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While there are many (at least 9!) reasons to say “yes” to the invitation to moderate, there are an equal number of reasons to say “no” to an offer to moderate a panel discussion.
Reasons to Say “No” to an Offer to Moderate a Panel Discussion
- Not Enough Time. Some meeting organizers think you can just show up and moderate a panel. Au contraire! If you’ve been reading this blog, you’ll realize that the more you prepare, the easier it is to moderate a panel. After all, when the panel is AWESOME, it looks effortless. But when the panel goes south, the panel moderator is left holding the mess. So what’s the cause of the short notice? Did the other moderator cancel or become ill? The organizers didn’t plan ahead? There’s something weird about the topic, the panelists, or the location? If you don’t get enough time to prepare (whatever that means to you), think carefully before saying “yes.”
- Too Much Structure. Some panel formats are extremely controlled or fairly formulaic with not a lot of wiggle room to leverage your own personality and stagecraft. If you’re comfortable with the prescribed parameters, go for it. But if you aren’t comfortable at the starting gate, you might as well not join the race.
- Too Many People. The optimum number of people on the panel is 3-4 with a maximum of 5. More than that, it’s just too many to have a meaningful discussion. See if you can downsize the number of panelists, but you’re starting at a known deficit even before you get to the starting gate!
- Cloudy Promise. When you see a difference between the meeting organizers’ objectives and the marketing materials’ “promise” as to what the audience can expect to experience when they attend the panel, you’ve got a real problem on your hands. If you can’t resolve the discrepancy, think twice about moderating this panel!
- Tokenism. You might be offered to moderate a panel as the token woman on a manel (an all-male panel). (I call this pinkwashing your panel!) The reverse can be true: You’re the only male on an all-female panel. Denise Graveline suggests you “ask to see the entire roster of speakers and moderators to be sure you’re not just window dressing for a conference with gender imbalance.” Depending on the circumstances and your comfort level with the imbalance, you may want to say “no” to an offer to moderate a panel discussion.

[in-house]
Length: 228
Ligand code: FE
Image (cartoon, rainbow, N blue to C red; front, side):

- High Maintenance. Some meeting organizers need more hand-holding than others, yet a few are just too, too much! It might be their first panel discussion and they lean heavily on you….to do everything – including their job! Or if the logistics, location, topic, promise, length, panelists etc. keep changing, that’s a lot to keep up with. If you think it may be too much work to feel good about the overall experience (and you might not know until you are knee-deep into it!), you may want to say “no” to that offer!
- Tight Travel Schedule. Especially in these post-Covid days when flights are being delayed left and right, make sure your travel plans allow for you to arrive well rested and in plenty of time.
- Not a Steppingstone. One of the reasons you may want to say “yes” to the offer is that it will position you or your company and help you get ready for bigger speaking opportunities. But if it’s not positioning you in a favorable light or you’re always being asked to moderate, but never to speak, you may want to say “no.”
- Doesn’t Feel Right. Lastly, sometimes, it just doesn’t feel like a good fit. Your intuition is telling you “no, take a pass.” I have learned the hard way to listen to my spidey-sense when it comes to saying “no” to an offer to moderate a panel discussion!
Research Every Panel Moderator Must Do Before a Panel Discussion
How Panel Moderators and Panelists Impress the Audience and Leave a Lasting Impression
Advantages and Disadvantages of a Panel Discussion
For more information about how to moderate a lively & informative leadership panel discussion, check out our free 7-part video series on how to moderate a panel and other resources to help you organize, moderate, or be a panel member.